Open Collections

UBC Theses and Dissertations

UBC Theses Logo

UBC Theses and Dissertations

Materials for manufacturing low-tech, low-cost ceramic water filters and the business models for their… Nichols, Brandon David 2016

Your browser doesn't seem to have a PDF viewer, please download the PDF to view this item.

Item Metadata

Download

Media
24-ubc_2016_november_nichols_brandon.pdf [ 9.42MB ]
Metadata
JSON: 24-1.0319245.json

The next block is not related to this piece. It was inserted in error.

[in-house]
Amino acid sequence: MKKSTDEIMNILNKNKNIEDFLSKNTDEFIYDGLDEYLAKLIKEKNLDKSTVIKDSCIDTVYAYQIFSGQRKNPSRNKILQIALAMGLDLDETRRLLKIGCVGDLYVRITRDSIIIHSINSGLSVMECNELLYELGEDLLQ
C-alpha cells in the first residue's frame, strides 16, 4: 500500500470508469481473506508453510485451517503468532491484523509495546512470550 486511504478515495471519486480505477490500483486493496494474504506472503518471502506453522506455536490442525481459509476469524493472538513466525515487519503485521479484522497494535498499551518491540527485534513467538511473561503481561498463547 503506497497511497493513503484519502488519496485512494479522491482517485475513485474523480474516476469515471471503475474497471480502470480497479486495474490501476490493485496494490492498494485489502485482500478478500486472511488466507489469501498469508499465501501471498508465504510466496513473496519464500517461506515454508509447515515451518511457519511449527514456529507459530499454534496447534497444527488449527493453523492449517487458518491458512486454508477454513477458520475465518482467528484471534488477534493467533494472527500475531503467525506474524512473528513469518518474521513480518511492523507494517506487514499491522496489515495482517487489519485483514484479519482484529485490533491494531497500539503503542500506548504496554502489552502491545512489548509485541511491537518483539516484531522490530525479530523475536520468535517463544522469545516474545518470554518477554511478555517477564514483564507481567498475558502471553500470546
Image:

JSON-LD: 24-1.0319245-ld.json
RDF/XML (Pretty): 24-1.0319245-rdf.xml
RDF/JSON: 24-1.0319245-rdf.json
Turtle: 24-1.0319245-turtle.txt
N-Triples: 24-1.0319245-rdf-ntriples.txt
Original Record: 24-1.0319245-source.json
Full Text
24-1.0319245-fulltext.txt
Citation
24-1.0319245.ris

Full Text